- Dan Graziano, ESPN Staff Writer
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Tracee Hamilton wants Dan Snyder to sue the NFL over the salary-cap penalty. I know many of you want the same thing. Snyder may want it as well. Heck, he may end up doing it. I just don't see it. Yes, what the owners did would, in the outside world, have been considered collusion. But the collective bargaining agreement they have with the players contains a collusion clause that specifically defines what is and isn't collusion for their purposes. And according to that document, this isn't. I don't see the Redskins' way out of this.
Assuming they are stuck, the Redskins will need contributions from some cost-effective sources, including some of their 2012 draft picks. Rich Tandler takes a look at which of those are poised to help -- other than the quarterbacks and the running back, who have already established themselves as somewhat helpful. Not mentioned here is undrafted cornerback Chase Minnifield, who was a big offseason story before getting hurt last year and could factor into the mix if he returns healthy.
New York Giants
Former Eagles defensive tackle Cullen Jenkins will visit the Giants today. When Jenkins was cut, I wrote that either of the 4-3 teams in the division -- the Giants or the Cowboys -- would do well to take a look at him. He tailed off in 2012, but he played very well for the Eagles in 2011 and early in 2012. He's a strong locker room guy, and he can play anywhere on the defensive line. With Chris Canty gone, he's a good potential veteran solution for the Giants for 2013. We will see where it goes.
It sounds as though tight end Martellus Bennett isn't overly impressed with the Giants' initial efforts to keep him off the free-agent market. The Giants don't tend to spend significant resources on the tight end position (not since the Jeremy Shockey days, at least), so if Bennett's looking for a big payday he may have to look elsewhere. If not, I believe the Giants would like to have him back. At their price, of course.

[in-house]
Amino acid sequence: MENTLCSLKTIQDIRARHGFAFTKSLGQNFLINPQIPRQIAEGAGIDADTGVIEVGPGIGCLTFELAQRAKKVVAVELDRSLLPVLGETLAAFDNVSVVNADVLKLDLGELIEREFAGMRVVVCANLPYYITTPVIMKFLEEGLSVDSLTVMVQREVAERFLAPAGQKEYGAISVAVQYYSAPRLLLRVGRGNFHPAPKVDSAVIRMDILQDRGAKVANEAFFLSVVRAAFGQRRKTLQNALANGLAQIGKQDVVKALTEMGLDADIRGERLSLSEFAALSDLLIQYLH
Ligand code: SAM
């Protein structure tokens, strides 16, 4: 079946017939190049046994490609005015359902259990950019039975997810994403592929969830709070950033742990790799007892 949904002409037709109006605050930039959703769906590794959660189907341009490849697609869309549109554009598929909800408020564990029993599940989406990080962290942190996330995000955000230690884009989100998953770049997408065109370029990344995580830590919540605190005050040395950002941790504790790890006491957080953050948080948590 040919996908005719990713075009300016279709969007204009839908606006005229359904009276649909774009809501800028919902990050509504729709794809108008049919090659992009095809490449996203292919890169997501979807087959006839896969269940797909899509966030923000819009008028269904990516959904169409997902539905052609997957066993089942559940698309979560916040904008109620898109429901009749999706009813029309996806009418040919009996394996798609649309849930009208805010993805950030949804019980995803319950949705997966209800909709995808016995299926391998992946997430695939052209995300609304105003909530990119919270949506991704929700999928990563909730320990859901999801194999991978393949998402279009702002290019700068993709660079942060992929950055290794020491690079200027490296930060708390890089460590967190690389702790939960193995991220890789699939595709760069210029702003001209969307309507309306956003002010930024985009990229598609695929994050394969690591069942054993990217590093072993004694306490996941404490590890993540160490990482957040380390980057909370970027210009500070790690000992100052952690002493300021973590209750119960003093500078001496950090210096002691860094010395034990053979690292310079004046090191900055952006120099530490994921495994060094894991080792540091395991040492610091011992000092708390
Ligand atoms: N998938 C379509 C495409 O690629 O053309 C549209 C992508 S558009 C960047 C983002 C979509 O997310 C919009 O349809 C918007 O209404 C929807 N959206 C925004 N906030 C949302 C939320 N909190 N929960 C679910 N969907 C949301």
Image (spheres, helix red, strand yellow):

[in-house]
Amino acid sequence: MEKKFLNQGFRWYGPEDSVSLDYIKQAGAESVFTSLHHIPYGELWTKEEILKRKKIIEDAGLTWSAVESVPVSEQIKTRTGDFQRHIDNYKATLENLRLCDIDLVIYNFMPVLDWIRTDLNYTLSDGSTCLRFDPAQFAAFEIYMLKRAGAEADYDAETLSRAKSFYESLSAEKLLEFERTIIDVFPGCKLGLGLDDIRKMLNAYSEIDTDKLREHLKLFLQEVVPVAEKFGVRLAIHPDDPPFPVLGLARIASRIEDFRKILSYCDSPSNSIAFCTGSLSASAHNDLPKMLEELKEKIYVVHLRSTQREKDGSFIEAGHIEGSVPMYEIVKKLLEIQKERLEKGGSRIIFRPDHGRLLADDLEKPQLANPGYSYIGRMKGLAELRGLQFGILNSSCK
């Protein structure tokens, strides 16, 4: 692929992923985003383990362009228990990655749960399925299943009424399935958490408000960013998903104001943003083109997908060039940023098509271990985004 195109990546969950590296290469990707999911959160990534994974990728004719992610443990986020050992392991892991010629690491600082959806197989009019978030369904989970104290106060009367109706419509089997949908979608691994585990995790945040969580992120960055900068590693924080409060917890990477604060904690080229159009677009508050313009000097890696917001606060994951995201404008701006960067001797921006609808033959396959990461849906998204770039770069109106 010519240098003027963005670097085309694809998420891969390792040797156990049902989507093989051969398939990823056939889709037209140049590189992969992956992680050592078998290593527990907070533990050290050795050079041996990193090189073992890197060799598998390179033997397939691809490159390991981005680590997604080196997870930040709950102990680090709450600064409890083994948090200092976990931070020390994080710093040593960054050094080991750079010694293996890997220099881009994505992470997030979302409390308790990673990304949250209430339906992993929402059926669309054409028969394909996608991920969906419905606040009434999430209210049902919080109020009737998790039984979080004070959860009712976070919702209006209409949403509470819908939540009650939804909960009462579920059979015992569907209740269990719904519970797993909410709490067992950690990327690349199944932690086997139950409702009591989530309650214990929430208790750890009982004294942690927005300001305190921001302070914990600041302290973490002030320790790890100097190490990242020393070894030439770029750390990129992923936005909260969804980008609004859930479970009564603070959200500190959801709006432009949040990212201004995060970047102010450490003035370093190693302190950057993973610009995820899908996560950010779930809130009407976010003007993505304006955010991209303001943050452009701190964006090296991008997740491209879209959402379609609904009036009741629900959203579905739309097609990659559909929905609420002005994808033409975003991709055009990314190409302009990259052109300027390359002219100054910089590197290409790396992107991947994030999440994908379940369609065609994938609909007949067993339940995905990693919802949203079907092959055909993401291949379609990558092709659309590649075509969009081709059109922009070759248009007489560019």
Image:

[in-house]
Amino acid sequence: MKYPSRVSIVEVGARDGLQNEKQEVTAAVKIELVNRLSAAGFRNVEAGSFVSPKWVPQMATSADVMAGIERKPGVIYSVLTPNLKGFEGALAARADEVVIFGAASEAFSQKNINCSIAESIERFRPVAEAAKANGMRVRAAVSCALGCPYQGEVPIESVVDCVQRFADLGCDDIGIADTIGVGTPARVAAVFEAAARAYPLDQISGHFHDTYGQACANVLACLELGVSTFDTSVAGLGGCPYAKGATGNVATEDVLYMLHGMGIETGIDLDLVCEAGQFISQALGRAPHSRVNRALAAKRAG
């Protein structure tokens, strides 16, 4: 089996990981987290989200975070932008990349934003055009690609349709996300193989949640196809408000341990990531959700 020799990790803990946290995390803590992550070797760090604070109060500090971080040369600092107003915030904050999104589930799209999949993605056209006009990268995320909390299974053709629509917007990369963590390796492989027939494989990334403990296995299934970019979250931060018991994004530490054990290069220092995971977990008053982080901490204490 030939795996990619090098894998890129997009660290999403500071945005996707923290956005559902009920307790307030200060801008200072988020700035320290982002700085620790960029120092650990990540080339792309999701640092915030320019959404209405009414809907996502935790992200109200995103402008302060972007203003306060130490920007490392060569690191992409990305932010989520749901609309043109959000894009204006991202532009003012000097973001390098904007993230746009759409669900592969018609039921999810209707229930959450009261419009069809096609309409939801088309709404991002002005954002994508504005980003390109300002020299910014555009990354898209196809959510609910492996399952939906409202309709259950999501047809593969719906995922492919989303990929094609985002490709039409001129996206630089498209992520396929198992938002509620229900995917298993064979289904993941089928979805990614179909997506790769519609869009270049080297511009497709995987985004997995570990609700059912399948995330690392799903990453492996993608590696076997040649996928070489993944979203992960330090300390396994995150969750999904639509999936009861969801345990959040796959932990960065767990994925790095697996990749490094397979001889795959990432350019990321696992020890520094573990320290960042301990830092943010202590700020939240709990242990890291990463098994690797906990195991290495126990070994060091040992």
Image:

A remarkably extensive day of contract restructuring saved the Cowboys about $23 million in salary-cap room and has them about $5 million under the $123 million salary cap. Now that they are under, we will see how far under they can get and if it's far enough to allow them to retain free-agent defensive end Anthony Spencer. A Tony Romo extension would still be the best way to clear enough cap room to franchise Spencer, but I think they'd prefer to sign Spencer long-term if they came up with enough room to do so. Another situation we'll have to keep monitoring in the coming days. Monday is the franchise tag deadline.
The Cowboys also signed veteran long-snapper L.P. Ladouceur to a five-year contract. Sounds like a minor move, but the guy doesn't have bad snaps. And until you start having bad special-teams snaps, you don't really appreciate that, do you?
Another day dawns with Nnamdi Asomugha still an Eagle, and it offers Ray Didinger the opportunity to ponder how it all could have gone so wrong for a once-great player. The conclusion here, again, is that Asomugha would be best off going somewhere else. And I have to think the only reason he hasn't yet been granted a chance to do so is that it's just not that easy to find starting cornerbacks.
Can't have too many quarterbacks, I guess.
Washington RedskinsTracee Hamilton wants Dan Snyder to sue the NFL over the salary-cap penalty. I know many of you want the same thing. Snyder may want it as well.